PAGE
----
An individual from Georgia has tragically succumbed to a rare and lethal brain infection, believed to have been contracted while swimming in a freshwater body. The individual, whose identity remains undisclosed, was infected by Naegleria fowleri, a single-celled organism known for causing a devastating infection that leads to brain tissue destruction, swelling, and typically, death, according to the Georgia Department of Public Health.
The exact timeline of the individual’s demise and the specific location of the freshwater body where the infection was contracted remain unclear. Naegleria fowleri, often referred to as the “brain-eating amoeba,” thrives in warm freshwater environments such as lakes, rivers, ponds, and hot springs, as well as in soil. It is not found in saltwater or in properly treated drinking water or swimming pools.
The amoeba can cause a brain infection when water containing it enters the nose. However, it does not pose a threat if swallowed and cannot be transmitted from one person to another. Despite its deadly nature, infections caused by Naegleria fowleri are rare, with an average of three cases reported annually in the United States. However, these infections are typically fatal.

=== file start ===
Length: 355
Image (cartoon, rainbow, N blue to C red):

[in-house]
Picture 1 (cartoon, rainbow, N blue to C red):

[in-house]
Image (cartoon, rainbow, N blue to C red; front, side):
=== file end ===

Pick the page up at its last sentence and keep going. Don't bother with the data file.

In Georgia, this marks the sixth reported case since 1962. Other cases have been reported across the U.S. this year. In July, a two-year-old boy from Lincoln County, Nevada, died from a Naegleria fowleri infection, possibly contracted at a local natural hot spring. Earlier in February, a Florida man died from an infection believed to have been contracted after rinsing his sinuses with tap water.
The Georgia Department of Public Health advises that while the risk of infection is low, those engaging in recreational water activities should always assume a risk when entering warm freshwater. They recommend reducing the risk of infection by limiting the amount of water that enters the nose. Symptoms of the infection can range from severe headaches, fever, nausea, and vomiting, progressing to a stiff neck, seizures, and coma, leading to death. Once symptoms appear, the disease progresses rapidly, typically causing death within about five days.